Though they look pricy at first glance, they become competitive when you look at what it costs to do everything that they can do, to cobble together another system out of discrete components and get it all talking to and from the pieces and working right. If you're a hands-on hardware maven, yes, you can do it cheaper DIY, but if you are the kind of person who says: "Don't tell me how to build the clock: I just want to know what time it is", then you're likely a Tricaster Customer.
Great post, Mark! I would add though that HDMI input is not supported on ANY TriCaster, requires a mini-converter outboard of TriCaster to a compatible format. HDMI is good only for short cable runs and uses a non-locking connection, so it not seen as a practical input type for a professional switcher.
Safe Harbor Computers
Didn't mean it to sound like such a Newtek ad, LOL. My personal relationship with them is that we got a Video Toaster that was assembled for us by the lowest bidder, and that vendor who shall not be named, not only built it using substandard or low-end parts, they were also one of the most indifferent organizations regarding customer service and responsiveness that we've ever experienced. The Toaster they put together for us rarely ran right... when it wasn't completely "Tango Uniform", in military slang. It was very frustrating to see other people get great performance and satisfaction out of their VT, and then come home to our "boat anchor".
On the plus side, I have seen or worked with customers using two different Tricasters, one of them was our switcher for a live statewide remote, webcasting a live multicam switch in FLASH to a web repeater. ...and they were solid, "bulletproof" performers. I think that's because Newtek builds those in-house and doesn't leave it to a VAR to assemble.
VAR's are generally great, and I usually recommend them. We just happened to get one that was expert in lowballing specs, not at customer satisfaction.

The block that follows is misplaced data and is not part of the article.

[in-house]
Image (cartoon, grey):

Thanks Mark and Jeff for the suggestions, I will for sure take a look at the Newtek options.
We don't incorporate PPT slides into the sermons at the moment but might be worth considering in the future. Good to know there are many options out there based on needs.
I guess my initial impression is that I need a switcher that handles a 1080p HDMI input, but I guess this is not the case? From my research it looks like composite is the standard input.
Will I be losing any quality going analogue?
No, there are any number of switchers out there that will take an SDI input for your HD cameras, and I know of a couple that can mix HD and SD sources. There are just not too many all-in-one solutions like the Tricaster, so you start having to add-on separate devices for the CG and etc. and cost and complexity goes up. But you could also look at the BlackMagic Designs ATEM series, or the inexpensive switchers from Edirol. I used one of those on an Obama gig once and it worked very well. Our shop's next switcher may turn out to be a Ross; the Grass Valley we've had for over a decade is obsolete and near retirement.
I recently encountered the Vaddio line of switchers which can control PTZ cameras and have SDI and DVI inputs. You'd need a external recording device, such as a Blackmagic Intensity attached to a computer, or a standalone recorder such as a KiPro or PIX240. But you're looking at over $10,000 for that setup.
Inputs on low-priced switchers could be an issue.